A Cognizable offense or case is defined as the one which an officer-in-charge of a police station may investigate without the order of a magistrate and effect arrest without a warrant. The Police have a direct responsibility to take immediate action on the receipt of a complaint or of credible information in such crimes, visit the scene of the crime, investigate the facts, apprehend the offender and arraign him before a Court of law having jurisdiction over the matter. 

Non-cognizable 

Non-Cognizable crimes are defined as those which cannot be investigated by police without the order of a competent magistrate. The Police do not initiate an investigation in NonCognizable crimes except with magisterial permission. 

Measurement of Crimes

Evaluating the extent of crime actually committed is a quite complicated and arduous task.

Statistical data for recorded crime don’t generally provide a precise picture, because they are affected by variable factors like the willingness of the victim to report a crime. It is quite obvious that officially reported crimes are only a small fraction of actual crimes committed. The public opinion of crime is largely acquired from the print media and digital media as the

media mostly focuses on serious and sensational crimes which result in public’s distorted perception. Another precise view is mostly provided by the comprehensive stats of crime that are gathered and published by the government departments like The National Crime Records Bureau (NCRB) which provides annual data related to crime in the country. Similarly, the Federal Bureau of Investigation (FBI) publishes crime stats annually which is known as Uniform Crime Reports. 

However, it is known that a lot of crimes go unreported and as a result the data often gets distorted. Other factors accounting for the distortion is the magnitude to which police resources are aimed towards the investigation of one kind of crime rather than another, specifically with regard to “Victimless Crimes” such as possession of drugs. These types of crimes are not revealed unless the police gather their efforts to look into them.

Additionally, another factor that can have a noteworthy effect on the evident statistical incidence of a specific type of a crime is a change in the willingness of a victim to report the crime to the police. Victims frequently fail to report the crime due to various reasons: lack of awareness, lack of trust and lack of confidence to report the crime.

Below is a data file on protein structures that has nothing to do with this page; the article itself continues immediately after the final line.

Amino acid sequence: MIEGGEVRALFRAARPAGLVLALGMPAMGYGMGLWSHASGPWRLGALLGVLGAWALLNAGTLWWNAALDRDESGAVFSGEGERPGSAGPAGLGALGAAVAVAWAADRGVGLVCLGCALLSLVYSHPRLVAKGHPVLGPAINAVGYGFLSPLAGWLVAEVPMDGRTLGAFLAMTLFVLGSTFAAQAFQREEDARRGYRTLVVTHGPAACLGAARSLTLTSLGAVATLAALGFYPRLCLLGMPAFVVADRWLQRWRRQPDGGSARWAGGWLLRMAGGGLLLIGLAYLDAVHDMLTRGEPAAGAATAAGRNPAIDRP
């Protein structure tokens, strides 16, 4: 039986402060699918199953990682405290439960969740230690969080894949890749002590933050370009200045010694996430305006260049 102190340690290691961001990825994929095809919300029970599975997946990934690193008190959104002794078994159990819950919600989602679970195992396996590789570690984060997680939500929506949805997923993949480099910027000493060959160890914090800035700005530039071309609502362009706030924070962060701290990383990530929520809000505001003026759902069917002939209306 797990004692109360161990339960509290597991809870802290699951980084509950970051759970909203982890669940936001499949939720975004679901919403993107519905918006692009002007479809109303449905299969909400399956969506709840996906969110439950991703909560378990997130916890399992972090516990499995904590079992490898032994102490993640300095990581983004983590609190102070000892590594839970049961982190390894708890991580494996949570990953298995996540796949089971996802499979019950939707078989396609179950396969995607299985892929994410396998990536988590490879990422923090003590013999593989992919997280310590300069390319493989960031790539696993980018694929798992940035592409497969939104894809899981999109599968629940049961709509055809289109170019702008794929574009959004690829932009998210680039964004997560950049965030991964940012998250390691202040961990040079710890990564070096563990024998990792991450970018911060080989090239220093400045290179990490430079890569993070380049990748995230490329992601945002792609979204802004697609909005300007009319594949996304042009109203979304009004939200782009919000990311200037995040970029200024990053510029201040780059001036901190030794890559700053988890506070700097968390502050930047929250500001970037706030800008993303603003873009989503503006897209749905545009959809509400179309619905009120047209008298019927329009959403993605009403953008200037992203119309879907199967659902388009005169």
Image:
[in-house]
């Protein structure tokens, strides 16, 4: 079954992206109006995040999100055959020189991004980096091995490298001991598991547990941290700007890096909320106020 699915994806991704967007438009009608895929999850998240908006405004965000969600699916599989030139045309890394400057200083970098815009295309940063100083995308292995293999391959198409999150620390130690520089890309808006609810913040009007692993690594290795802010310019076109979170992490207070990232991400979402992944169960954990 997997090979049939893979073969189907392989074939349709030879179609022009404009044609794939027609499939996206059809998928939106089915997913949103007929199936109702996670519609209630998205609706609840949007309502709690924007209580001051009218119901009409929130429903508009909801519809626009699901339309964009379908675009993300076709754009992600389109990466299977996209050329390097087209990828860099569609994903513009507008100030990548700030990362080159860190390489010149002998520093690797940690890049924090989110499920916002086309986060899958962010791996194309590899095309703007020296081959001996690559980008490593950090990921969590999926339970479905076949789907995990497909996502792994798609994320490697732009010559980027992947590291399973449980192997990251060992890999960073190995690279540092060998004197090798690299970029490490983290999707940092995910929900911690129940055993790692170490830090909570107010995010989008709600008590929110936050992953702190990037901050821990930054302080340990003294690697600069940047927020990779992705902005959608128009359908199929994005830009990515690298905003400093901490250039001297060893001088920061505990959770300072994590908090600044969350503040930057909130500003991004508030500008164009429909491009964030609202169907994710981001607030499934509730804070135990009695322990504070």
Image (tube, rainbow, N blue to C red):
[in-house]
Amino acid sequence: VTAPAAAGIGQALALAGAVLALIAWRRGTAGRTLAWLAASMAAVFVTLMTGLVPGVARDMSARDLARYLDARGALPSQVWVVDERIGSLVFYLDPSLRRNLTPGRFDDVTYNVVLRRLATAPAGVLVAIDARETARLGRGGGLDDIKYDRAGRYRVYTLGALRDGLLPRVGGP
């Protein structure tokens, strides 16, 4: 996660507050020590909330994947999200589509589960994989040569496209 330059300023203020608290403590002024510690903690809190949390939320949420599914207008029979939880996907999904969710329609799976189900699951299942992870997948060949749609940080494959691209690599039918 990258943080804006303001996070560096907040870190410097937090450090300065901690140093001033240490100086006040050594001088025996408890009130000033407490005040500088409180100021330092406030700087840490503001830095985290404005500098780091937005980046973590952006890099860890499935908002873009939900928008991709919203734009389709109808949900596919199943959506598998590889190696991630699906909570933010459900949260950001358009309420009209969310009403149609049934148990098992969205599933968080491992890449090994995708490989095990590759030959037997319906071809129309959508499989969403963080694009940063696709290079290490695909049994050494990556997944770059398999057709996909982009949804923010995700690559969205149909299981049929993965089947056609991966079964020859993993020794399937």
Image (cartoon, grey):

Approaches to Crime

Crime is a relative and dynamic concept which keeps on changing with the passage of time.

Consistent with the perspective of taking crime as an ordinary and unavoidable part of life, there are often very few expectations that reactions to crime will affect future criminality. The approaches to crime have been different in different stages of human civilization and had been distinct in dissimilar societies. The mental outlook towards crime has always been pronounced by extreme emotions and sentiments shown by society and its people.

There are various approaches to crime. They are mentioned below:

  1. Traditional Approach
  2. Modern Approach
  3. Sociological Approach
  4. Psychological Approach
  5. Legal Approach

From the above-mentioned approaches to the crime, only three have been discussed below.

Sociological Approach to Crime

Environmental determinants like physical, social, economical, cultural and political may shape the behaviour and attitude of people. Meager social, physical and family environment may lead the person to strengthen his intentions towards the crime. Living in poverty and destitution, lack of social support and pessimistic familial background may increase the possibility of occurrence of criminal acts in the society. Furthermore, unemployment, illiteracy and lack of awareness add to the risks of criminal acts. Crime can be the repercussion of defective social structure and persons living in those societies may learn criminal acts because of socialization.

The Strain Theory given by Merton in 1938 is based on a socio-structural outlook. According to this theory, the social structure within the society can give rise to criminal acts in society. When people experience stress or strain in their lives, they start to behave like criminals to reduce the negativity from their lives. On the basis of general Strain Theory, two general types of strain or stress can lead  to committing of criminal acts by a person:

  1. i) when someone prevents an individual from achieving his goals; 
  2. ii) when someone takes valuable things owned by an individual. 

The goals mentioned above could be money, status or autonomy from adolescents. If there are limited ways to achieve these goals, people will stick to committing criminal acts even by using illegal ways. Moreover, if anything which is precious to an individual is snatched away, it is likely that he will go to all extent to restore it, even if he has to take up unlawful means.